Departamento de
Traducción e Interpretación


Tema:   Unión Europea. Legal. Técnico. Género. Terminología. Corpus.
Autor:   Peruzzo, Katia
Año:   2013
Título:   Terminological equivalence and variation in the EU multi-level jurisdiction: a case study on victims of crime
Lugar:   Trieste
Editorial/Revista:   Università degli studi di Trieste
Páginas:   331
Idioma:   Inglés.
Tipo:   Tesis.
Disponibilidad:   Acceso abierto.
Resumen:   The research project aims at studying the English and Italian legal terminology related to the area of law of victims of crime and embedded in the multi-level jurisdiction provided by the supranational legal system of the European Union (EU), on the one hand, and the British and Italian national legal systems, on the other. The main hypothesis is that legal language is inherently characterised by terminological dynamism, which emerges both at the linguistic level – with different terms used to refer to individual legal concepts – and at the conceptual level, where different conceptualisations of the same legal domain are reflected. Since the bilingual legal terminology that has been examined occurs within a judicial space in which several legal systems are interconnected, such dynamism is expected to manifest itself in two different linguistic settings. In the first, the terminology in a national and an EU variety of the same language is taken into consideration, while in the second setting, terminology is studied from a multilingual perspective. In order to verify the main hypothesis, a methodological framework has been set out, on the basis of both the methodological premises for terminological analysis proposed by Cabré (1999a) and the distinction between genotypes and phenotypes introduced by Sacco (1991). Such a methodology required the compilation of a bilingual corpus of EU legal texts and a collection of national legal texts focusing on the figure of the victim of crime. The examination of the terminology extracted has shown that in the first linguistic setting envisaged, intralingual dynamism is reflected in terminological variation, which can affect either the linguistic layer (denominative variation) or the conceptual layer (conceptual variation) of terminology, with denominative variation consisting in the co-existence of several terminological units in which no substantial difference in the phenotypes involved is produced, while in conceptual variation anisomorphism among the phenotypes can be observed. In both cases, all the terms affected by the phenomenon of terminological variation are related to the same genotype. A classification of denominative variation has been proposed based on four variables, i.e. degree of specialisation, time span, legal system, and legal force. Due to the methodology adopted in this research project, in which the EU legal terminology has been taken as the starting point for both the terminological analysis and the preliminary conceptual structuring of the legal area of the study, conceptual variation has emerged to be less frequent than denominative variation. By taking the legal system as a variable in the analysis of conceptual variation, such variation has been subdivided into intra-systemic variation, occurring within a single legal system, and inter-systemic variation, when the supranational and the national legal systems elaborate two conceptually different phenotypes which, in spite of their conceptual anisomorphism, can be linked to the same genotype. In the second linguistic setting, where terminology is studied from a multilingual perspective, legal terminology has turned out to be characterised by different degrees of interlingual equivalence. On account of the embeddedness of the legal terminology examined in three different legal systems, different types and degrees of terminological equivalence have been identified and discussed: the types of terminological equivalence are intra-systemic and inter-systemic equivalence, while the degrees of equivalence are absolute equivalence, relative equivalence and non-equivalence. Another aim of this thesis was to record the collected terminological data in a legal translation-oriented terminological knowledge base (TKB). The terminology under discussion is characterised by a high degree of dependency on the legal system it refers to and the MuLex terminological knowledge base was specifically designed for helping the work of legal translators. This TKB aims at capturing the differences among the legal systems involved in the study and showing the peculiarities in the usage of legal terminology in such legal systems to its end users. For optimising the representation of the domain-specific knowledge implied by legal terminology, in MuLex terminographic entries integrate a tool enabling the graphic representation of the conceptual relational structures among the concepts analysed and recorded in the TKB. [Source: Author]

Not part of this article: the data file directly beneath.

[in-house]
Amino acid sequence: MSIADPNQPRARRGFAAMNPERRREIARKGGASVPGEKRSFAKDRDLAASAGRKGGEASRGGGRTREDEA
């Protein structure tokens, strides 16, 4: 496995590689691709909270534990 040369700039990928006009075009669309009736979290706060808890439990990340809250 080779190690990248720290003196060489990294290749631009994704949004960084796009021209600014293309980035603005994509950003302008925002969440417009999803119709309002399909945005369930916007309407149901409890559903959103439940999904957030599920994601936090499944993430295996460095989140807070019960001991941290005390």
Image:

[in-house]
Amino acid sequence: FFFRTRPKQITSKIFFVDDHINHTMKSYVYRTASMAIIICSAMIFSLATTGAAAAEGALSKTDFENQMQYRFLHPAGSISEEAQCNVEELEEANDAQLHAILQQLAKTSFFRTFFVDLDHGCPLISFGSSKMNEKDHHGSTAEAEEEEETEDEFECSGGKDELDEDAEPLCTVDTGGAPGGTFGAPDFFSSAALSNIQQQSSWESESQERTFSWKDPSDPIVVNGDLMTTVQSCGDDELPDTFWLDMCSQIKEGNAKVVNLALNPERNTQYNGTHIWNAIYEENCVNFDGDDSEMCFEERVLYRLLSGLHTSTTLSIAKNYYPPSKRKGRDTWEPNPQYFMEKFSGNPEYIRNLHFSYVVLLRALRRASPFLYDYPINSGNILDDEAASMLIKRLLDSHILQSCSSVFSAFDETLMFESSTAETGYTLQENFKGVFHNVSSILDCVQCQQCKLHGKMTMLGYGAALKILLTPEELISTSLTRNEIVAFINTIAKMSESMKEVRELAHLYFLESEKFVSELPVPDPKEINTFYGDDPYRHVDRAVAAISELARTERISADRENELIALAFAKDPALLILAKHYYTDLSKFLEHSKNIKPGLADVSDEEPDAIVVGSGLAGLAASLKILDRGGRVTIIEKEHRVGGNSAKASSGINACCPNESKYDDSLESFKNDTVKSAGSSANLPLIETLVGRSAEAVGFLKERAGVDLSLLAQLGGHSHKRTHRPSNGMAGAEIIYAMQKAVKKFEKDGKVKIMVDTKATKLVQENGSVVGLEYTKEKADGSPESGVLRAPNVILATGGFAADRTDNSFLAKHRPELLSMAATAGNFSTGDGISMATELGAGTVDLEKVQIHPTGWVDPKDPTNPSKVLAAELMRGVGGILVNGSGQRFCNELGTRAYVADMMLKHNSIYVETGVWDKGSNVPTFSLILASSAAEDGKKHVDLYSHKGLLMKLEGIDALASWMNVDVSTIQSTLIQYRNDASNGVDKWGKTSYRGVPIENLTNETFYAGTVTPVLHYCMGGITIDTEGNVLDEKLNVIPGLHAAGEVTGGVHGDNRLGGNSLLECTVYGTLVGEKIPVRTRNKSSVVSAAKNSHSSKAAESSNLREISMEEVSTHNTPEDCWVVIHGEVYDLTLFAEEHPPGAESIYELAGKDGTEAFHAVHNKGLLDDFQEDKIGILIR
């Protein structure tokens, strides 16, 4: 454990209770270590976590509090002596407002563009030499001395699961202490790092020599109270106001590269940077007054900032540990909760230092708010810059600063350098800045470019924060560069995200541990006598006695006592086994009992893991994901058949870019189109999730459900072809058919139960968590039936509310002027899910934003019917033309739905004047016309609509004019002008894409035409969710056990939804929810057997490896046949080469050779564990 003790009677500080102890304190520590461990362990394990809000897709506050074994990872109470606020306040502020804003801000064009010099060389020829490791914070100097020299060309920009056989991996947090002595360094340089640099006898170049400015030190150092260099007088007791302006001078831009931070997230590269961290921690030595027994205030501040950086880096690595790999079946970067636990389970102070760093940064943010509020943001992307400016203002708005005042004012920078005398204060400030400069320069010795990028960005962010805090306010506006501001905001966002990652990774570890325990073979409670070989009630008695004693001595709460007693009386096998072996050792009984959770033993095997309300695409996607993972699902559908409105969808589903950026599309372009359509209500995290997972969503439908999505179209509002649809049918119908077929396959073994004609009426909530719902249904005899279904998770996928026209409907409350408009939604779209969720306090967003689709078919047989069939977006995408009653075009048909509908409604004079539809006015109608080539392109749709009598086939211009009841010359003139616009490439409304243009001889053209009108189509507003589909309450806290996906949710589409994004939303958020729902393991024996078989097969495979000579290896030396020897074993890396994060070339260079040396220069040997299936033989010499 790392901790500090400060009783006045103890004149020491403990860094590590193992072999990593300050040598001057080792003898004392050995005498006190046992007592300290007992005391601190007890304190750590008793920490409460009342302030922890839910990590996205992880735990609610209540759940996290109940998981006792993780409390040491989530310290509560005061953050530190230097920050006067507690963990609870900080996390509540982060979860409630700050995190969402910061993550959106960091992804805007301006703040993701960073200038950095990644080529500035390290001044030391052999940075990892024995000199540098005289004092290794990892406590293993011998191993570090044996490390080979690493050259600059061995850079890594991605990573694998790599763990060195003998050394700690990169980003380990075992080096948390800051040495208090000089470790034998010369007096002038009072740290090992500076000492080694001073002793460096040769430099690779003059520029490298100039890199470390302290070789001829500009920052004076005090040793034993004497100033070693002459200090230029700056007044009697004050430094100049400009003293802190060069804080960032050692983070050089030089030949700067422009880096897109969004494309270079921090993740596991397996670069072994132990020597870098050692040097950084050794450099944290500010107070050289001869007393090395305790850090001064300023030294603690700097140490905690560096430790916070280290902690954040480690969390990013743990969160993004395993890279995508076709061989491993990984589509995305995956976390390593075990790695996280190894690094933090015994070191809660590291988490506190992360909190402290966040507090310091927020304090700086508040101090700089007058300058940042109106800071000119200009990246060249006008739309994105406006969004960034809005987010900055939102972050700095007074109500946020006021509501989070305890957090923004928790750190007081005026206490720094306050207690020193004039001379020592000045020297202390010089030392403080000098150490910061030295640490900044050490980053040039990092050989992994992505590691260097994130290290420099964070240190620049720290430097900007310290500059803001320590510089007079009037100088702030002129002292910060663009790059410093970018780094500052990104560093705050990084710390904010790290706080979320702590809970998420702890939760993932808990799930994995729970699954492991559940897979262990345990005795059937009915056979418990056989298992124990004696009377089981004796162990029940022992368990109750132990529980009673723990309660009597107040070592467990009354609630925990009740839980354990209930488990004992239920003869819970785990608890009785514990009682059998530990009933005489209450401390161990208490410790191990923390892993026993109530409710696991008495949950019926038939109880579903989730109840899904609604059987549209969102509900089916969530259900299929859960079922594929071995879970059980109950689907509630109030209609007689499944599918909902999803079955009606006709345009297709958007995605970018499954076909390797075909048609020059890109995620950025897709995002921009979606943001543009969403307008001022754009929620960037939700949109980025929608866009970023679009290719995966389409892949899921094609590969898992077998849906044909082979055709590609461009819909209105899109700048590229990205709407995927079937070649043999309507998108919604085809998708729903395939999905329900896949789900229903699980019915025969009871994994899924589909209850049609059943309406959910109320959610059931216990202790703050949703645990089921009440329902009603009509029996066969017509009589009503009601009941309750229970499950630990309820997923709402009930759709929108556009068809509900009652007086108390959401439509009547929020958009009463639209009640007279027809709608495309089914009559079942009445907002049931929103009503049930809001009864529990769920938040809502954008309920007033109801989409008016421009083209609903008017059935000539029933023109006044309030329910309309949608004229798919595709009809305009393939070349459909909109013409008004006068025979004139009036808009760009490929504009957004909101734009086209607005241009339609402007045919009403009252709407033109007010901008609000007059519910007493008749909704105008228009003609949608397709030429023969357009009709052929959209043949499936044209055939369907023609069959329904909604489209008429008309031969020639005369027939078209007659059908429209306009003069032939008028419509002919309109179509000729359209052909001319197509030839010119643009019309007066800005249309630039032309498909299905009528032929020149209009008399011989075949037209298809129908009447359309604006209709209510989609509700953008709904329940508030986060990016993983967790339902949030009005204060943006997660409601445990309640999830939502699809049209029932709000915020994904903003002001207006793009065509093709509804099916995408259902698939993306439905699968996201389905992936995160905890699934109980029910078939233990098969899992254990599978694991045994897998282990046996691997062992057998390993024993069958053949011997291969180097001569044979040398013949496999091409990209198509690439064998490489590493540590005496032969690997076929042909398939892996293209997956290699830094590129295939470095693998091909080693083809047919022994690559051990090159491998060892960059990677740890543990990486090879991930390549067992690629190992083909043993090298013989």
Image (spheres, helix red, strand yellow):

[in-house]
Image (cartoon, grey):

2001-2019 Universidad de Alicante DOI: 10.14198/bitra
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